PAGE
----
- The Washington Times - Tuesday, July 28, 2009

House Speaker Nancy Pelosi explained last week that a new government health care system would provide “a cap on your [health care] costs, but no cap on your benefit.” Plus, she said on CNN’s “State of the Union” on Sunday, there was an extra bonus: The health care bill “is a stimulus package,” implying it will create all sorts of new jobs. This is too good to be true.

Unless the speaker is planning massive new government spending, there is no way to have unlimited benefits when payments are capped.

While Mrs. Pelosi was promising no caps on benefits, House Majority Leader Steny H. Hoyer was asking the Congressional Budget Office how more money could be saved. The Democratically controlled CBO pointed to limiting benefits in a letter released on Friday: “[C]hanges in government policy have the potential to significantly reduce health care spending — for the nation as a whole and for the federal government in particular — without harming people’s health.” Reducing spending would be derived by reducing benefits.

Contrary to Democratic propaganda, there aren’t too many people with private insurance who consume too much health care. Obama administration officials repeatedly point to tonsillectomies as an example of surgeries that are performed when they are not needed. We doubt that a lot of people have tonsils removed for the fun of it or that insurance companies are regularly tricked into paying for something unnecessary.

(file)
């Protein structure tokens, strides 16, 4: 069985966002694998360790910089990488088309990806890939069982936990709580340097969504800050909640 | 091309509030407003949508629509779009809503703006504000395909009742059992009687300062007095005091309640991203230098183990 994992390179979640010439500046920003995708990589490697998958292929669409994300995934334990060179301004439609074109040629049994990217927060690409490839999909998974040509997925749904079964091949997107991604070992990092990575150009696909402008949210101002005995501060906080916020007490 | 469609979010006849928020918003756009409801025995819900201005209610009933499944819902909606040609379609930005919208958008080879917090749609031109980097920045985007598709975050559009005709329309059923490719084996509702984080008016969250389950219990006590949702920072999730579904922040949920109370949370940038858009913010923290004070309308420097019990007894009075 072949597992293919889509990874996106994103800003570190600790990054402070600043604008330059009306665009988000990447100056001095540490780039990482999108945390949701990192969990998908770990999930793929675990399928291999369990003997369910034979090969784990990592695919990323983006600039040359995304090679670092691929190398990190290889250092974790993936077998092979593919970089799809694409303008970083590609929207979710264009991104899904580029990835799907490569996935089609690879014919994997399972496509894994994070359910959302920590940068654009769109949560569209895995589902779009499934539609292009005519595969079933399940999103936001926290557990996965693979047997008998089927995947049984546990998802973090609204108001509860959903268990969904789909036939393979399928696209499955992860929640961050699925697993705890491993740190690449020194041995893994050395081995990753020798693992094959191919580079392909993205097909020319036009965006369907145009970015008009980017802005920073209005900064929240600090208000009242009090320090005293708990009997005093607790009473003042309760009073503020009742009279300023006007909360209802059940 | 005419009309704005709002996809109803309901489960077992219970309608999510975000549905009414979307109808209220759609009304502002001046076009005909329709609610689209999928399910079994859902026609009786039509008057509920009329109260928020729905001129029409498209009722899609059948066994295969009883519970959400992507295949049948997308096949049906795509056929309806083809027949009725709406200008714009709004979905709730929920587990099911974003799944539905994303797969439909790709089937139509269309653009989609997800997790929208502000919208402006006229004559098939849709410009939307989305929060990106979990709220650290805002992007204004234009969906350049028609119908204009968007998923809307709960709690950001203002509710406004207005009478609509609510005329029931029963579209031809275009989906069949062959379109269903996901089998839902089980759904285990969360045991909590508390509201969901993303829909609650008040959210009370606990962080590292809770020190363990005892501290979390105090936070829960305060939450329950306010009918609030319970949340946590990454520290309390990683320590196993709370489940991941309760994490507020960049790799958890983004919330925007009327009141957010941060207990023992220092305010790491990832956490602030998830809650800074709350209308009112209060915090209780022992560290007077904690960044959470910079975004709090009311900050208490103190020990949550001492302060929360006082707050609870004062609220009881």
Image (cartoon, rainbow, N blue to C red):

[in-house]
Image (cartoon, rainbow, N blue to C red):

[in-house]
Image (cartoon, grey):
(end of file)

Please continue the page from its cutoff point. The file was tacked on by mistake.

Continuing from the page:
But for the sake of argument, let us assume that patients and insurance companies are uninformed. That doesn’t justify the government taking over the entire health care system. A less imposing option might be to spend more money getting information out to doctors and patients about the pros and cons of tonsillectomies or other supposedly wasteful procedures. But medical associations, medical journals and conferences already exist to develop such specific knowledge. It’s not clear what government brings to the table.

Massachusetts offers a cautionary tale about what happens under a state-directed system like the Democrats are proposing. Earlier this month, the Boston Medical Center, one of the largest metropolitan hospitals in the Bay State, went to court against the state government, claiming it is being shortchanged by $181 million annually in unreimbursed health care costs. This reveals that one way government caps costs is simply not to pay them.

Finally, there is Mrs. Pelosi’s claim that the health care bill is a “stimulus package” that will create new jobs. We don’t believe a government health program will reduce costs, but if it did, as the speaker claims, reduced expenditures on health care would mean fewer jobs in that sector, not more. She can’t have it both ways.

Government health care won’t be all things to all people, but it is being sold that way. Voters aren’t buying it. According to a Rasmussen Reports survey last week, Americans, by a 2-to-1 margin, think, “No matter how bad things are, Congress can always make it worse.” That’s definitely the case with health care. Preventing Americans from buying the coverage they want will not make them better off.